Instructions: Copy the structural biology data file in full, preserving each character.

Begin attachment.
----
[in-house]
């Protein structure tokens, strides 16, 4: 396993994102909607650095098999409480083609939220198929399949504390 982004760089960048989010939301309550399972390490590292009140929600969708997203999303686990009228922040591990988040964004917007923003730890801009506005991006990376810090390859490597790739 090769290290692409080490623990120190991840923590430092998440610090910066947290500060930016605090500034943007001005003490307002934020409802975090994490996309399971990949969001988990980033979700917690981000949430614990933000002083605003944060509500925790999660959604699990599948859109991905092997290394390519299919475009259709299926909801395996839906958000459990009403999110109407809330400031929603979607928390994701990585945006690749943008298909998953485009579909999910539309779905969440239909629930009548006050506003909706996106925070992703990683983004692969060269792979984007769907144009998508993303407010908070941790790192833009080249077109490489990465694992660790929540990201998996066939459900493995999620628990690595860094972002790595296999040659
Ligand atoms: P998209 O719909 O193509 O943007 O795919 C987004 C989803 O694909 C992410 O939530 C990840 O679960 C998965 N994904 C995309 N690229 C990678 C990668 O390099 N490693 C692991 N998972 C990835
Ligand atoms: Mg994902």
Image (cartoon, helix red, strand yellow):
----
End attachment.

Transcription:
[in-house]
């Protein structure tokens, strides 16, 4: 396993994102909607650095098999409480083609939220198929399949504390 982004760089960048989010939301309550399972390490590292009140929600969708997203999303686990009228922040591990988040964004917007923003730890801009506005991006990376810090390859490597790739 090769290290692409080490623990120190991840923590430092998440610090910066947290500060930016605090500034943007001005003490307002934020409802975090994490996309399971990949969001988990980033979700917690981000949430614990933000002083605003944060509500925790999660959604699990599948859109991905092997290394390519299919475009259709299926909801395996839906958000459990009403999110109407809330400031929603979607928390994701990585945006690749943008298909998953485009579909999910539309779905969440239909629930009548006050506003909706996106925070992703990683983004692969060269792979984007769907144009998508993303407010908070941790790192833009080249077109490489990465694992660790929540990201998996066939459900493995999620628990690595860094972002790595296999040659
Ligand atoms: P998209 O719909 O193509 O943007 O795919 C987004 C989803 O694909 C992410 O939530 C990840 O679960 C998965 N994904 C995309 N690229 C990678 C990668 O390099 N490693 C692991 N998972 C990835
Ligand atoms: Mg994902």
Image (cartoon, helix red, strand yellow):